Last week I was lucky enough to have two volunteers working with me for the entire week!
We had a busy week processing samples for microfossils. We sieved rock pieces through different sized sieves, dried the residues, and examined them under a binocular microscope. We picked out any fossils present and identified plant fragments, charcoal, fish and bone fragments. By noting the number of fossils present per gram of sediment sieved we are able to quantify the different fossil components and thus find out more information about the animal and plants that were present at that particular time.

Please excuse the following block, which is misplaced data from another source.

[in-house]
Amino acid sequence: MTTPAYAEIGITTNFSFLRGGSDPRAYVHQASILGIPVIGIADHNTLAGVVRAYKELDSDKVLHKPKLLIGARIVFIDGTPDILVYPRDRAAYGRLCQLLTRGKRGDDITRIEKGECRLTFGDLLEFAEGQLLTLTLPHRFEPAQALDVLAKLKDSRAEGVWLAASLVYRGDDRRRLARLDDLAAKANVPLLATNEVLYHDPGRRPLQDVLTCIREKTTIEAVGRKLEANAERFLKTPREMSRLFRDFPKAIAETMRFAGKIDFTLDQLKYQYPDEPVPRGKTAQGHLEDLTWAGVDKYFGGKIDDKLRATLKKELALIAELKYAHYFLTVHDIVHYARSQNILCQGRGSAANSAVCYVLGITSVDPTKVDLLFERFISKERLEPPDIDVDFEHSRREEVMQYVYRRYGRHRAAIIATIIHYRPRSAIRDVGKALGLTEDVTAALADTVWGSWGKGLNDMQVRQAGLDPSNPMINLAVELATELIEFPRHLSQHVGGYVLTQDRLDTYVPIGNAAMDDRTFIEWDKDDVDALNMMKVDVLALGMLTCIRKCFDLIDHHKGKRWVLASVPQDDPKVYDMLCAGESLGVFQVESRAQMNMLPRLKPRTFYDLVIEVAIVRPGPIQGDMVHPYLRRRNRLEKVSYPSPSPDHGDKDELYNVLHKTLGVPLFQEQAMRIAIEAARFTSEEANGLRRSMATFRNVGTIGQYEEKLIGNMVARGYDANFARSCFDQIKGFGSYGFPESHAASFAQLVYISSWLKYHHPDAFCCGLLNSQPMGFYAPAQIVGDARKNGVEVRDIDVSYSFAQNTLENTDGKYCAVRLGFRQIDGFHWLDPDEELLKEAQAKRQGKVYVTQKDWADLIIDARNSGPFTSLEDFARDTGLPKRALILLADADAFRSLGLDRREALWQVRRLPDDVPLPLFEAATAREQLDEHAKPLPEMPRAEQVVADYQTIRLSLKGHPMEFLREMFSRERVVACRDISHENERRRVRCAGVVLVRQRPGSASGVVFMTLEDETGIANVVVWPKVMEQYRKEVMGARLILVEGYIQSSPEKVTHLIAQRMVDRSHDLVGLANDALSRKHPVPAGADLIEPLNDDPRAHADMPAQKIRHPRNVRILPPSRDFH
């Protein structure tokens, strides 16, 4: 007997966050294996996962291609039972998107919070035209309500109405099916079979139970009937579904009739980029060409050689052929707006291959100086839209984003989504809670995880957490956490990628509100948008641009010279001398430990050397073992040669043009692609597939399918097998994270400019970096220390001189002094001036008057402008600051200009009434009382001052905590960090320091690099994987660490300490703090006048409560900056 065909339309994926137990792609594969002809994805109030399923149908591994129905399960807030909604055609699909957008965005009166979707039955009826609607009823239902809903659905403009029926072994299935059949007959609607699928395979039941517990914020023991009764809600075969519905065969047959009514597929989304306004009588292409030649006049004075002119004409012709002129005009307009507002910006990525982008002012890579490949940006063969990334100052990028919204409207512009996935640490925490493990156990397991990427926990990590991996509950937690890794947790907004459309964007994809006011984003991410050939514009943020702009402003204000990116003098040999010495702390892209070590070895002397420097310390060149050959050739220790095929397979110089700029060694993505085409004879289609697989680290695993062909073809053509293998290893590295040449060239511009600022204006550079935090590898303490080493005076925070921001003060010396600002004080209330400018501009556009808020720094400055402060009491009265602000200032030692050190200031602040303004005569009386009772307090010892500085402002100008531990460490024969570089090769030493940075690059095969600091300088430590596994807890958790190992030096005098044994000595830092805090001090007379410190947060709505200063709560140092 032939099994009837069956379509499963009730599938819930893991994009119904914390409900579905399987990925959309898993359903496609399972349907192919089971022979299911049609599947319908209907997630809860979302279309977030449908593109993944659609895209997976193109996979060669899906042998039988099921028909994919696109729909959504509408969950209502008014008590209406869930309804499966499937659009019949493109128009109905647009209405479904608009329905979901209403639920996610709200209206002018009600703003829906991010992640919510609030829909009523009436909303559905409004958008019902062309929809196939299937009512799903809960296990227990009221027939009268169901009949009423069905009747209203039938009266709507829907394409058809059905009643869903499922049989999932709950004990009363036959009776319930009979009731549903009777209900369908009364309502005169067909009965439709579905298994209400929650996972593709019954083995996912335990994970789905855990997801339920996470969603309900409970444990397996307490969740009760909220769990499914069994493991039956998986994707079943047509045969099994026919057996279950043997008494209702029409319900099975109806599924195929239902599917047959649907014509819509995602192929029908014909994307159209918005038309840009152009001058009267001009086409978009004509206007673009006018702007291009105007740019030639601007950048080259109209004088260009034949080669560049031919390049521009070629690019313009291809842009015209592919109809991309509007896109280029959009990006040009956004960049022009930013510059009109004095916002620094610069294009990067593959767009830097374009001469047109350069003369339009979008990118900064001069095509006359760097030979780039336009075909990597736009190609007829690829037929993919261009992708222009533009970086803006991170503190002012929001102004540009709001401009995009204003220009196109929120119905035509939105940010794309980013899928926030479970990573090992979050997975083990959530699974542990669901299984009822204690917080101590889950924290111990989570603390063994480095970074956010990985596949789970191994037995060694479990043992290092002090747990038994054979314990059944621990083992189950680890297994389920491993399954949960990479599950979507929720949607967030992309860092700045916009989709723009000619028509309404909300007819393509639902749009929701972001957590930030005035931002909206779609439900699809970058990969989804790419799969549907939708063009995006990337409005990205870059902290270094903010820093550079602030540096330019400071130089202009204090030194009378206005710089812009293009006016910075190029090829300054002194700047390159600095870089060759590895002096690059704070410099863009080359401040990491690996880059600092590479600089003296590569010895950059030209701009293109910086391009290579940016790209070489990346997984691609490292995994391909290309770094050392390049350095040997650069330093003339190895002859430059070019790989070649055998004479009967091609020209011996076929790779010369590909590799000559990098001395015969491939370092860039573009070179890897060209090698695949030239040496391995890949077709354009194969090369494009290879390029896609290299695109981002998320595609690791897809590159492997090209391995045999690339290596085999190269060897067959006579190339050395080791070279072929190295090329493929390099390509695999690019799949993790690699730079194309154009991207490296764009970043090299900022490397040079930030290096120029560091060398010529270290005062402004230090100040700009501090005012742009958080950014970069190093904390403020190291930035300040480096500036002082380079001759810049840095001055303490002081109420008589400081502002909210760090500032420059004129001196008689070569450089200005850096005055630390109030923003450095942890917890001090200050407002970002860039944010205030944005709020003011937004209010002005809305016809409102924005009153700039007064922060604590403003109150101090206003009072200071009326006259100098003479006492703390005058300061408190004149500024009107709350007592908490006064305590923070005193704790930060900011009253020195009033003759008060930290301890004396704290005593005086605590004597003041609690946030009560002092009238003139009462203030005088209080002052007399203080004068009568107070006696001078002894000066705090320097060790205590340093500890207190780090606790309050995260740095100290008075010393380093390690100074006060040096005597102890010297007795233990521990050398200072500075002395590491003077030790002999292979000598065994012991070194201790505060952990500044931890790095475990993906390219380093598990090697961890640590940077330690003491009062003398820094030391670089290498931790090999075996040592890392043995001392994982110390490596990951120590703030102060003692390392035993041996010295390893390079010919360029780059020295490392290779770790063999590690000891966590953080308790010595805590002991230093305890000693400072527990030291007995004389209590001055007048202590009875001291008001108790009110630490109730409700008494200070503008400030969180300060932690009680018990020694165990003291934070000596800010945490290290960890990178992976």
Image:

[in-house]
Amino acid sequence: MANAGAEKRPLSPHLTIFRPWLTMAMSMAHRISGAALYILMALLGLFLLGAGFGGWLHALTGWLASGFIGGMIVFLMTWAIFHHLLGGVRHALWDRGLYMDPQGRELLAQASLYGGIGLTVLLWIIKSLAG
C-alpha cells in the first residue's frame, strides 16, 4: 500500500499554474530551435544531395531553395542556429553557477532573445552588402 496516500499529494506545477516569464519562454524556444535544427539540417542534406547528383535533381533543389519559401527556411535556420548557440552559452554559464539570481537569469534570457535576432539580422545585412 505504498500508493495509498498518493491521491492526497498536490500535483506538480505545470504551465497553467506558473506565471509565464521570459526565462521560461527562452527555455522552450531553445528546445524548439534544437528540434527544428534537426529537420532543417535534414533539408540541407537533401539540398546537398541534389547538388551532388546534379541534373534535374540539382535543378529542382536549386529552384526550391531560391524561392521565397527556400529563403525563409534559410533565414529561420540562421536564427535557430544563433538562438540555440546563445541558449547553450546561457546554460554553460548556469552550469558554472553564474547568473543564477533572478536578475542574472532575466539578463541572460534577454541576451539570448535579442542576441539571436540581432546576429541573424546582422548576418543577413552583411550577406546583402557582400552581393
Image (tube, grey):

The volunteers and I picking microfossils, with Tom Worthington (left) and Deborah Fish (right). See my blog post from 24th September 2012 ‘from mud to microfossils’ for more details.
Volunteer Deborah Fish using the SEM to examine microfossils, see my post from 3rd April 2013 ‘how science works: the scanning electron microscope’ for more details.
I really enjoyed the getting some extra help (more samples done!) and training up the students in micropalaeontology research methods. The next volunteers week will be this summer. Any students looking for microfossil or sedimentology research work experience do contact me!
Until next time